Architecture, Art and Ancient History in Rome

Our first full day in Rome was up to me to program so I set the alarm for 6:30 so we could get out and about before the city was too hot. Even though it only officially has climbed to 32 degrees it feels much hotter when the sun is radiating off buildings and cobblestones.

First stop was a place I’d found on Pinterest in one of those articles that claims to know ‘secret’ things to do. How secret something can be when it’s the first article Pinterest shows me about Rome… well, I have my doubts.

Quartiere Coppedèo

Our Airbnb apartment was in a location that I’m pretty sure locals would call ‘the arse end of Termini’, the main train station. Despite being almost across the road, the station is almost a kilometre long and we have to walk the full length of it to reach the entrance.

The place were we visiting was a 45 minute walk past the north end of Termini and when we got there we found that we, rather happily, had it all to ourselves (apart from and old guy washing his car using water from the fountain), possibly because it was 8am on a Sunday.

It was gob-smacking.

Please note there is a chandelier in the archway.

I really like interesting architecture and Quartiere Coppedèo was an astonishing mix of Art Nouveau, ancient, medieval, Spanish, and baroque elements.

Essentially it is four buildings around an intersection with a fountain in the middle. Each building is distinctly different from its neighbours and each is in excellent condition and contains details, both small and large, that are entrancing.

Delicate frescos, wrought iron gates featuring animals and insects, crowns and swords and Viking ships!

Absolutely marvellous.

Next:

The National Gallery of Modern Art

I felt like seeing a bit of art to break up all the history and architecture.

Once again we pretty much had the place to ourselves. The lion sculptures out the front were lovely.

There were some classics inside, a Klimt, Monet and Chagalls etc. My favourite was this painting.

Such a gaze!

Now have a guess what this artwork is made from.

Go on.

Acacia thorns! The mind boggles.

Next we walked to the Castel San Angelo, which I had walked past the last two times I’d been to Rome but hadn’t thought to visit until I read surfnslide’s blog .

On the way we stopped for a drink outside a very grand building that I had to google and turned out to be the Supreme Court.

Even for a court this was pretty grand. Apparently locals call or ‘the bad palace’. I’m not sure if it’s a comment on the architecture or the clientele.

The Castel!

The Castel is one of the oldest and most complete buildings in Rome. It was begun as a mausoleum for the emperor Hadrian and his family but became a refuge for popes, who decorated it in the style to which they immediately became accustomed.

We get it, the church has all the money.

Pope bed!

Every window seemed to have a view of St Peter’s.

Great views could be had from the roof.

But then there’s great views from everywhere in Rome, really.

Next we walked to the Tavestere district for lunch. I found a little sandwich shop called ‘Donkey Punch’ (I will always be a sucker for a weird name) and I had a salad with pork and Luke had a sandwich with pork. Roast pork is a specialty of the region and the shop also did a great range of pickled and marinated salad ingredients.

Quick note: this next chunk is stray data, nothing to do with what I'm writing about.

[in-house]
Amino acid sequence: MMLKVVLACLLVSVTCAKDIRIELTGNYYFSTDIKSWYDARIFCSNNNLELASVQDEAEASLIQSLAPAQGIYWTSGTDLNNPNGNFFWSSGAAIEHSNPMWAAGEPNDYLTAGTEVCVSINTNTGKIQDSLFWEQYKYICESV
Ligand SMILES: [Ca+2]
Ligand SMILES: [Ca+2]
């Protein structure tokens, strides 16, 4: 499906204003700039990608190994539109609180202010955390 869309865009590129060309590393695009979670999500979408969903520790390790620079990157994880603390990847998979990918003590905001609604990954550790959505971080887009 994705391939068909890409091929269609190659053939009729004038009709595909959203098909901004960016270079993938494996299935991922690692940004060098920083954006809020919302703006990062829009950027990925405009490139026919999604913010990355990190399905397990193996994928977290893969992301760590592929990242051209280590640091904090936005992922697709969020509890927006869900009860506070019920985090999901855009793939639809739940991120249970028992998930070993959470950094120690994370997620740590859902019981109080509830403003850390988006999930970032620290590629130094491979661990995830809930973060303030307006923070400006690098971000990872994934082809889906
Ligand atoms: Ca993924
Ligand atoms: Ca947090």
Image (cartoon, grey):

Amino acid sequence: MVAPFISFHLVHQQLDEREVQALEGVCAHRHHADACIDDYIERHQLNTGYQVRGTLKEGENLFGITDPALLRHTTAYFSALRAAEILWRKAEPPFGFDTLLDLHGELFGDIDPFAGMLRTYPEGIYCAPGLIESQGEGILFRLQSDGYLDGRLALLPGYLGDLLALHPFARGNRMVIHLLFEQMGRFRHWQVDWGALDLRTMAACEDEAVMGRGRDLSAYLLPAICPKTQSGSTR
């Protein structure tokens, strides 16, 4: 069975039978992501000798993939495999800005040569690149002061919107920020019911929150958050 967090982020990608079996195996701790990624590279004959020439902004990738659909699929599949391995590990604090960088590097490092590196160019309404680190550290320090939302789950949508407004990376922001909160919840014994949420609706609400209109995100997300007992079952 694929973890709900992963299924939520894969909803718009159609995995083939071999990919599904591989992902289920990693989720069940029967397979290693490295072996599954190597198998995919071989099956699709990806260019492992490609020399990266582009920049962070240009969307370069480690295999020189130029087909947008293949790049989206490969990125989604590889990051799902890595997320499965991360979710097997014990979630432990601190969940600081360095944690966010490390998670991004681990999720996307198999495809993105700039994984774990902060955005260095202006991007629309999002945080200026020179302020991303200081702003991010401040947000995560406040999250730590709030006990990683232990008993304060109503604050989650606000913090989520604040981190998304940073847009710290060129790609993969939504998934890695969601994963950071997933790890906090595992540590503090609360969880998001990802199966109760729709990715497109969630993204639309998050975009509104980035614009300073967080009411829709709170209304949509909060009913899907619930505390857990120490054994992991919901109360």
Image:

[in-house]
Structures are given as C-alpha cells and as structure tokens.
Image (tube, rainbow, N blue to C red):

What a menu! All their sandwiches were named after rock bands.

By this time our feet were getting a bit tired. We wandered around Travastere a bit and admired the lovely architecture. The peach and salmon buildings reminded me of Bologna.

It was definitely time for a classic Roman afternoon drink – an Aperol Spritz.

We strongly considered taking a taxi home but decided to walk and break up the last few kilometres with bar stops and gelato.

Amazingly, we managed to walk past the gelateria we visited on our tour last time. We’d gone along for a free tour advertised on the Couchsurfing site and the guy took us to Punto Gelato, who do excellent, and unusual, icecream flavours. No beer this time but I did see pine and also salsa! We were more conservative – I had one scoop each of fig and peach sorbets and they were outstanding.

Luke got pineapple and coffee which is a weird combo.

Next stop was an Irish bar and it was nice to not feel apologetic when speaking english to the bar staff. We were also given free daiquiri samples because they made too much.

Apparently it was the world’s best. It was certainly good, but… best?

Who gives out these awards anyhow?

On the last leg we passed this … building. I guess there’s a building under there? Can you imagine this level of growth being acceptable where you live?

We finished our big day out in Rome with a meal at the restaurant closest to our apartment, sitting outside in the warm night air, listening to a guy on the piano accordion.

Very Italian!

3 thoughts on “Architecture, Art and Ancient History in Rome

  1. Enjoy Amanda! Porcchetta rolls, are to die for, and the gelato S in Italy, We spent 5 full days in Rome, you can catch bus hope on hope off for a small amount, check it out… Plenty to see.

  2. Thanks for the mention and glad I was able to provide a bit of inspiration to visit the castle. It was a bit of a filler for us on the last day but we loved it, really interesting and some great views. You’ve returned the compliment as I love the look of the place you visited at the top of the post. I loved Rome despite the crowds. It just had such a wonderful feel and we ate like kings including tons of gelato. The place with greenery draped across the street was round the corner from our apartment. Great memories, thanks for rekindling them 😀

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